KSN Investigates: WSU athlete exit interviews

KSN Investigates

WICHITA, Kan. (KSNW) — KSN is digging deeper into Wichita State University’s independent investigation into the men’s basketball program. There is new insight into how some student-athletes feel about how coaches are treating them. The insight comes in the form of the student-athlete exit interviews.

The NCAA requires exit interviews from all colleges and universities, and it is part of an athletic director’s job description. Under the NCAA bylaws, the athletic department “shall conduct exit interviews in each sport with a sample of student-athletes (as determined by the institution) whose eligibility has expired.” KSN confirmed with WSU that those interviews include departing seniors and transfer students.

2020-21 NCAA Division I Manual

KSN obtained three academic years of student-athlete exit interviews WSU conducted during the 2016-2017, 2017-2018, and 2018-2019 school years. The university released information on 81 student-athletes. The questions range from how they would rate the university’s facilities to evaluating his or her head coach. The answers range from “strongly agree” to “strongly disagree” as well as “very good” to “very poor.”


Here’s what we found in the data: The women’s track team made up the majority of the entries in these student-athlete exit interviews at 26%. Women’s tennis and men’s basketball tied for last place, with WSU interviewing only one athlete in the respective sports.

As the allegations into the men’s basketball program and head coach Gregg Marshall surfaced in October, KSN wanted to see the exit-interviews into the years in question. So we filed an open records request with the university that gave us the three years of data.

We requested the academic years 2013-2014, 2014-2015 and 2015-2016, because one of the accusations about Marshall allegedly happened during that time span. WSU denied our request citing a Kansas state law that pertains to privacy concerns, specifically personally identifiable information.

Keep in mind, in the years of data WSU did provide to KSN, there are no student names, and it does not list the student’s year at the university. However, it does show the sport, the student’s gender identity and race. However, the student can choose not to answer that final question.

The one basketball exit interview KSN obtained came during the 2017-2018 school year. The university doesn’t name the person, but gives descriptions like when the person enrolled and the student’s ethnicity.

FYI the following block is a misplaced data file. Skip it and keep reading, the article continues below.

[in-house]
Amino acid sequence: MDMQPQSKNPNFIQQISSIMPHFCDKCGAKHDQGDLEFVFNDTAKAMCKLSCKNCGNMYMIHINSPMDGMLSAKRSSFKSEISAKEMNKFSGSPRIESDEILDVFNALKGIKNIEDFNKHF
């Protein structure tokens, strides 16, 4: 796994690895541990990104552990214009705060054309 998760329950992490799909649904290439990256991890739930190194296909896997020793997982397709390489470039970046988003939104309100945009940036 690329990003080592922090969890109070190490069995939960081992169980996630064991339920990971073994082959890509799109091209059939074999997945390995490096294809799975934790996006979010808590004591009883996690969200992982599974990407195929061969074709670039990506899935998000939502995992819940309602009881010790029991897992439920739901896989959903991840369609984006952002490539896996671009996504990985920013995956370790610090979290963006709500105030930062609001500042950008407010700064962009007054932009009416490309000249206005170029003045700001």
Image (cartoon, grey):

There are 48 questions, and more than half relate to coaching. Here are some of the positives. The student-athlete gave mostly positive or good remarks on the facilities, sports medicine and the program having an impact on developing his character after he left school. He rated the assistant coach/coaches overwhelmingly as “very good.”

But when it came to head coach Gregg Marshall, the review wasn’t so glowing. In a 19-part question to evaluate Marshall, the student-athlete gave 9 poor or very poor responses, 5 satisfactory, 4 good, and one very good. He rated Marshall as “very poor” when it came to being a “positive example of ethical behavior.” He gave him the highest rating when it came to Marshall’s “knowledge of the game.”

Part 1 of Question 23 says, “Were you subject to coaching techniques that involved inappropriate physical contact?” The student answered, “no.” Part 2 asked, “Were you subject to coaching techniques that involved inappropriate verbal communication?” The student-athlete answered, “Yes.” However, he stated he did not report this alleged abuse to the athletic director. He said he respected his coaches and felt they respected him.

The person said he would still attend WSU if the university recruited him, but said “no” when it asked if he would encourage other student-athletes to attend WSU.

He wrote in closing “I love WSU but a few changes that are currently happening and hopefully will happen soon. Then yes I would encourage other student-athletes to come to Wichita State.”

Three years of WSU student-athlete exit interviews

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